The Drought of 2012 and the Harvest of 2013
Economic Outcomes and Innovation Ahead
By Ania Swiatoniowski
As farmers plant their crops this spring for the 2013 harvest, the losses from last year’s drought must remain on their minds. The 2012 drought dearly cost the American farming sector in net crop and net cash incomes and resulted in nation-wide rises in food prices. But farmers have always been known to be innovators and today’s technology is providing them with new ways to protect against unfavourable conditions, even those as potentially damaging as drought.
The 2012 drought was the worst in over half a century and the year went on record as the hottest in recorded US history. The result was an estimated $18 billion in damage to corn, soybeans and other key crops.
Farmers throughout the US were affected, but the most affected by the drought were farmers in the Midwest, where the drought conditions were the most extreme. Field crop yields, particularly of corn and soybeans, fell far below expected levels. Significant amounts of corn and soybean acreage fell within highly affected areas, both being major crops in the US for domestic use and for export.
The significant losses have spurned farmers to look for way to make their farms and yields less susceptible to future droughts. During a drought, the aim is to maximise benefit from the limited amount of available water. This can be done in two ways: by reducing the amount of water needed or by minimizing water loss. Technologies are being developed to overcome drought conditions using both of these strategies.
Reducing Water Need
Drought-resistant crop plants require less water over the growing season. Various companies have put new drought-resistant corn hybrids on the market for limited release in 2013. Soybean drought-resistant hybrids are also available. Hybrid crops are made using high-tech versions of traditional breeding to enhance and combine desired physiological traits — in this case increasing corn drought resistance — and are not the same as genetically modified crops.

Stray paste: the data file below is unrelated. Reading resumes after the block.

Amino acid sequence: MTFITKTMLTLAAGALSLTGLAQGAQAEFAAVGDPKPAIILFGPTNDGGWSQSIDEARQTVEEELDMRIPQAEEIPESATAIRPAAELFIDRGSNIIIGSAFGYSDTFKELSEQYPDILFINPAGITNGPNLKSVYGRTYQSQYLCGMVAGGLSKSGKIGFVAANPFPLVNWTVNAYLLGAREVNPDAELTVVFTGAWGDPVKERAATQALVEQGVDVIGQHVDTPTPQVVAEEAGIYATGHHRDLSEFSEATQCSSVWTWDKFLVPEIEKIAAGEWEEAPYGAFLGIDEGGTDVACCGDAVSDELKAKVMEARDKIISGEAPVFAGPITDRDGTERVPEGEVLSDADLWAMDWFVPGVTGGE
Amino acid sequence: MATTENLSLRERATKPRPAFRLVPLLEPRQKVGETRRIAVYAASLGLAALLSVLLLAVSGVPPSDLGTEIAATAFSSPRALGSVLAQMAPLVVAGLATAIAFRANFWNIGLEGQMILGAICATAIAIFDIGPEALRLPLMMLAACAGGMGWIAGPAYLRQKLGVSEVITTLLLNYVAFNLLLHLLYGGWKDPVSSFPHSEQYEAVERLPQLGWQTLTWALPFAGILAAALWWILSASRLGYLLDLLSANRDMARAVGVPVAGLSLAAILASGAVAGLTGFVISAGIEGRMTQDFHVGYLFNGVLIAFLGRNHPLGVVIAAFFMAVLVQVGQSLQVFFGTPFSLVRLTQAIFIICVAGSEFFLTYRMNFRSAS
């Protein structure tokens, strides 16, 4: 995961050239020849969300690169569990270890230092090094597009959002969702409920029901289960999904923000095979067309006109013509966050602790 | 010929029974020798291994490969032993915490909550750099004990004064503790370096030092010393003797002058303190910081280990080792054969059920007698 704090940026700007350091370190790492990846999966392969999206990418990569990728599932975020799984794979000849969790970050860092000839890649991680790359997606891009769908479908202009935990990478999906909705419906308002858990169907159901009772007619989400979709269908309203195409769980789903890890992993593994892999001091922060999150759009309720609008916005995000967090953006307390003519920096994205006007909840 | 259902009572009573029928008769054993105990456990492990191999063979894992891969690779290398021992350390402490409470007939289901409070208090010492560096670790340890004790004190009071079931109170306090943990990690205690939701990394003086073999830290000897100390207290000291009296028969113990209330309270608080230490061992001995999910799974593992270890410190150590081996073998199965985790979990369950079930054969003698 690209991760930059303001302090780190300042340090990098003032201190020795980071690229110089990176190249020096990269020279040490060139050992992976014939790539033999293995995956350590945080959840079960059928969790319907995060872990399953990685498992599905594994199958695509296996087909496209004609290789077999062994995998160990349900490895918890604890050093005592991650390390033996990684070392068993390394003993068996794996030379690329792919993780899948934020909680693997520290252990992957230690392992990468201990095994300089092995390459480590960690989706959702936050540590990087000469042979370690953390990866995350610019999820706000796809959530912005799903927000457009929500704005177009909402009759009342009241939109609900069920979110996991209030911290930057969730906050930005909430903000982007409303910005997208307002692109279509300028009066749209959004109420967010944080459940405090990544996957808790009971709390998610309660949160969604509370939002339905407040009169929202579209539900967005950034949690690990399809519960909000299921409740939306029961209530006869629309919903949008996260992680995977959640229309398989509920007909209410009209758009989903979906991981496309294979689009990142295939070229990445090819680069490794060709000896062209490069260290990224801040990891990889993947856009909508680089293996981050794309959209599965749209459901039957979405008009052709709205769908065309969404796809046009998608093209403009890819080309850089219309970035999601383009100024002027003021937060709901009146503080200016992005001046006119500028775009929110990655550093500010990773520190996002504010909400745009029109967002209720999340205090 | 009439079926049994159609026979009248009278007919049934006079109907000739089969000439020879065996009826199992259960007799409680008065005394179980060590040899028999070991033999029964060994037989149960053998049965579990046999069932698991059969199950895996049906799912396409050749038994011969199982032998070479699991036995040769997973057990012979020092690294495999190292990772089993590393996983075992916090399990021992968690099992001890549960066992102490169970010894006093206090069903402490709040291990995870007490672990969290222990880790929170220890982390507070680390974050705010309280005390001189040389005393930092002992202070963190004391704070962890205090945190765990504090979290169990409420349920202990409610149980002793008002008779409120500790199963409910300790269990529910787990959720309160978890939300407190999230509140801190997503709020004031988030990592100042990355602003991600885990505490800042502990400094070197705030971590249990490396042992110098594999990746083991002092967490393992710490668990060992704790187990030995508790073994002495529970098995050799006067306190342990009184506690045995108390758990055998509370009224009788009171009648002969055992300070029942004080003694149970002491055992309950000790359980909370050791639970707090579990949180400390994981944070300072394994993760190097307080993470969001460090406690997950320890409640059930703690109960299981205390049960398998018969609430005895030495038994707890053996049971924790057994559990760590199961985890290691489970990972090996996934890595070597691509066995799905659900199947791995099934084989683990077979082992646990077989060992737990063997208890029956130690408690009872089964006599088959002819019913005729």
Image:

However, drought-resistant hybrids must be chosen carefully because one that has good yield in dry conditions may not have the same yield at normal moisture levels. Research labs such as the Statewide Hybrid and Variety Trials at the University of Kentucky College of Agriculture test new crop plant varieties and hybrids for yield in particular environments, including low water conditions, taking this testing stage out of the farmer’s hands.
Selecting crop plant varieties and hybrids is dependant on the farm’s geographic location and on projected precipitation for a growing season in any given year prior to planting. Improving selection is important due to the wide range of climates in the US and due the range of water shortage severity in any given year or area. Both drought-resistant varieties and hybrids are continually appearing on the market from several seed producing companies including Syngenta and Dupont.
Minimize Water Loss
Irrigation makes crops less dependant on precipitation levels, but must be managed as irrigation water becomes scarcer. In 2012, the USDA recommended that farmers using irrigation systems monitor moisture and adjust irrigation continuously to minimize water loss under drought conditions. To provide water to crops with minimal water loss, farmers need ways to better monitor and control irrigation systems and they need the most complete and up to date information possible to make water supply decisions as conditions change.
While irrigation use in farming is far from new, the use of remote technology in monitoring and controlling crop irrigation systems is. Moisture sensors in the ground can collect information at particular soil depths and then send that information remotely to a computer or even phone to help monitor soil moisture. With additional technology, farmers can remotely control irrigation pipes and valves, manipulate water flow as needed or update timed systems. The products are available on the market, but in early form.